Stressed out trees

The following, from a brochure issued by Iowa State University Extension Service on “The Effects of Flooding on Trees” comes from Linn County Master Gardener Claire Smith, along with a message from Coordinator Bev Lillie, about becoming a master gardener:

  

Mature, well-established trees are more tolerant of flooding than over mature trees or seedlings of the same species.  If flooding is recurrent or uninterrupted and keeps soils saturated, serious damage to trees may occur. 

Flooding during the growing season typically is more harmful to trees than flooding during dormant periods.  Flood-stressed trees exhibit a wide range of symptoms including yellowing leaves, defoliation, reduced leaf size and shoot growth, crown dieback and sprouts along the stem or trunk.  Symptoms may progress into tree decline and death, reoccur for several years and then eventually disappear, or subside by as early as next year indicating rapid tree recovery. 

Flooding reduces the supply of oxygen to the soil and roots and usually results in growth inhibition and injury to flooded trees.  Deposits of silt or sand as shallow as three inches can be injurious, especially to newly planted trees.  Tree roots also must contend with high concentrations of toxic compounds that accumulate in waterlogged soils.  Strong currents and soil particles suspended in flood waters can erode soil from around the base of trees exposing tree roots.  Exposed roots are vulnerable to drying and mechanical injury and their occurrences may make trees more vulnerable to windthrow. Flood-stressed trees are prime candidates for attack by secondary organisms.  Several opportunistic disease-causing fungi and insects invade trees that are weakened or stressed.  Minimizing additional stress or injuries should be a priority on high value trees for one to three years after flooding to reduce the chance of attack by insects.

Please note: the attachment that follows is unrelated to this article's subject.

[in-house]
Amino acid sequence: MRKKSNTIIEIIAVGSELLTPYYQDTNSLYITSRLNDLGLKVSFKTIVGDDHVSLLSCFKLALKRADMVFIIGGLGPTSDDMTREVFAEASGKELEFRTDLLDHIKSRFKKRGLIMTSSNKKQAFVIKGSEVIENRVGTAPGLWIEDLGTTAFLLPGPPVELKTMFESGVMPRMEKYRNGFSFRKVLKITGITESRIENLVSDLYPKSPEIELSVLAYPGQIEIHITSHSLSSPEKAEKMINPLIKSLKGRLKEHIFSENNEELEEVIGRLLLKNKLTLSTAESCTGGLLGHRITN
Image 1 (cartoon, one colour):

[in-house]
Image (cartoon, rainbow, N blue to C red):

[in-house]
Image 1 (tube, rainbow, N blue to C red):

“The best approach to managing flood-stressed trees is to enhance their vigor by following proper tree-maintenance practices and eliminating additional stresses.  Dead or severely cankered branches should be removed as soon as possible.  Aerating the soil, mulching and watering during extended dry periods are recommended tree-care practices that can help enhance vigor, but they are not rescue treatments for severely injured trees.  Trees developing substantial dieback and decline symptoms or those possessing defects that prone to windthrow and structural failure should be removed from the landscape immediately.                                                    

Questions regarding flood damaged or stressed trees, flowers and vegetables can be directed to the Linn County Master Gardeners Horticulture Hotline at the Linn County Extension Office at 319-447-0647.

 

Contact the Linn County Extension Office at (319) 377-9839 or e-mail Bev at lillieb@iastate.edu for more information about becoming a Linn County Master Gardener.  Information as well as applications may be picked up at the office, mailed to you or accessed by going to:  www.extension.iastate.edu.linn/news, then click on Yard and Garden. The deadline for returning completed applications is July 25, 2008.

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